Indie Review: Vessel
Vessel is a 2D physics based puzzle platformer that manages to stick out from the rest of the relatively massive indie crowd.
- Addictive?Yes, quite
- Worth The Time?Definitely
- Things LovedEnjoyable and unique water based physics, a considerably long game considering the price and indie game status, enjoyable soundtrack
- Things Hatedfunky water physics and body animations
- RecommendationFor any fan of physics platforming fun
- Quick ConclusionA thoroughly enjoyable game with an almost perfect learning curve and loads of consistently interesting puzzle elements to enjoy; though lacking any real narrative to speak of.
- Name: Vessel
- Genre: Action, Platformer
- Players: 1
- Multiplayer: No
- Platforms: PC, PS3, Xbox 360
- Developer: Strange Loop Games
- Publisher: IndiePub
- Price: $14.99
- Reviewed On: PC
In the indie gaming world, there is one unquestionably popular genre, 2D physics based puzzle platformers. They are the dominant breed and any new indie game attempting to make its name, especially in that genre, will almost certainly have its work cut out for it. That said, if a game were to stand out, it’s usually for a reason, and with Vessel we have a darn good reason.
So let’s skip the introduction to this show and tell and get straight to the meat and potatoes; which without some unique gameplay aspect to draw you away from the million other titles, Vessel has no hope. Fortunately for Vessel’s sake, and for the sake of the player who has to cash out a higher than normal price for an indie game, you get a very meaty game with plenty of gameplay girth to back it up. As you’ve no doubt surmised, Vessel uses physics based puzzle mechanics and standard platforming to comprise most of its levels. The difference here is the introduction of some rather unique water and AI based mechanics.
The premise for the game is the protagonist’s most prized invention, a fluid species that runs and powers the machines of this steam punk era, now changed and corrupted for the worse. This species, the Fluros, in an act of rebellion, lock professor M. Arkwright, that’s you, outside of your lab and starts to play haywire with your machinery, creating a mutated and squishy uprising you need to prevent. In order to do so, you need to manipulate the fluid and fluros powered machinery by using a series of switches, pipes, controls and levers to get the fluros to operate more buttons, doors and other such devices out of your reach; or that need simultaneous activation. To further along your cause, not that the fluros need your help, with their insatiable need to press lit up switches, you are given seeds. Seeds, when introduced to the appropriate fluids, transform into specific fluros that then go on about their business. As they follow their own paths, you use the machinery, fluid and a trusty storage tank strapped to your back to manipulate them into doing your liquid based bidding.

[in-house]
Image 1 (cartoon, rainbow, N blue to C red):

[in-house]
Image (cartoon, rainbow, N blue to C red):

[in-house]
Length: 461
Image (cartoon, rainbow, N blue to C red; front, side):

It’s all very well devised and despite a lengthy 10 or so hour game, that’s ages for indie games of this sort, there is almost no end to new and enjoyable puzzles, challenges and things to see; it’s one of the best paced games I have come across. On top of that is an almost perfect learning curve that gently guides and maintains the appropriate challenge throughout the game. Vessel doesn’t let you get off so easily all the time however and will make short work of your steady pace and confidence with the occasional brain buster or massive, multi-tiered, multi-levered puzzle. It’s all in good fun though and while you’re able to reset any puzzle you think you’ve made a mess of, there are a couple ways of doing some and all provide a nice sense of accomplishment. That, in addition to secret content and puzzles makes Vessel one of the most packed and well worth the cash indie games in a while.
It’s not all perfect, no game, especially with such a small dev team ever will be. Fluid physics can act up or get a bit wonky now and then and the fluids physics don’t always play nice with your character. It’s very infrequent however and you’ll be enjoying the quirky look and enjoyable sound track to the game; though the sound track can get a bit repetitive and the odd extra song wouldn’t hurt. The other slightly lacking feature was the narrative which never really reveals enough, or when it does, with a quick enough pace to satisfy your curiosity. At the end of the day however, it doesn’t really matter as the gameplay is more than enough to satiate any fan of the genre or one that wants a very enjoyable physics puzzle romp.